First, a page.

Q: How many stocks will the fund hold?

A: It will contain 50 equally weighted stocks, with each position representing 2% of the portfolio’s assets. We have identified what these stocks will be but we are not running a dummy portfolio. The stocks selected in the portfolio will not be dependent on any one investment style, so it should perform well in most market conditions.

The fund is aiming for a return in excess of 110% of that made by the FTSE All-Share index and the portfolio yield should be in line or better than that of the Income fund.

To include a stock in the fund, we have to see at least a 20% upside on its capital value. It is not just about buying companies at any yield.

Q: As with other Neptune funds you manage, have you identified a limit at which you will soft-close this fund?

A: Like the Income fund I run, which we will soft-close at 500m, there will be a point at which we would have to soft-close this fund. But at 50 stocks at 2% each, it is scalable up to 1bn of assets under management.

Q: How high will turnover be?

A: It will not be too aggressive. We build valuation models on all the stocks we invest in on an 18-month to three-year horizon. Each stock has been set target prices that we think they are worth, and once they reach them they will be sold.

Q: How will you manage risk?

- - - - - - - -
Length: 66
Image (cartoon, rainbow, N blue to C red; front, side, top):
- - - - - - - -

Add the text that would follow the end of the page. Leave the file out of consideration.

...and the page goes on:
A: As well as being diversified at a stock level, it will be diversified by sector. This is because it will always be invested in at least seven out of the 10 MSCI global sectors.

Q: When will the fund pay out dividends to investors?

A: It will pay dividends twice yearly, at the end of September and at the end of March. Indeed, we have structured the fund so that it pays dividends on alternate dates to the Income fund, which pays out at the end of June and the end of December. This means if investors hold both funds, they will receive a cheque from us every quarter.

Q: Have you decided a geographical breakdown for the fund yet?

A: Not yet, as it still requires FSA approval. There are great opportunities in both the mature and emerging markets, and we do anticipate starting with an overweight stance in the emerging market region on the back of decent valuations and yields.

We see a long-term growth trend in Brazil and a strong Russian economy, so we are identifying stocks in those areas. We are also looking to China owing to the demographic shift taking place and the huge infrastructure spend for the Olympics in 2008.

Q: Any stock examples?

A: Companies we are looking at include Brasil Telecom and the Australian brewery Fosters. Fosters is on a yield of 5% and a P/E of 7x. It is growing at an encouraging rate and has further to recover.

Q: What size companies will you be investing in?

A: We are not going for smaller companies. The fund will not be invested in any company that has less than a $1bn [570m] market capitalisation.

Q: Will you invest in the fund yourself?

A: Yes, I will be supporting the fund with my own money.

Robin Geffen is chief investment officer and managing director of Neptune Investment Management. Geffen, formerly CIO of Orbitex Investments, launched Neptune in May 2002 after Orbitex pulled out of the British market. He manages four funds for Neptune: Balanced, Managed, Global Equity, Income, and the Russia & Greater Russia fund. The Global Income fund, which begins trading on May 2, will be the fifth fund under his name. Geffen graduated from Oxford University in 1979 and began his investment career at Charterhouse J Rothschild.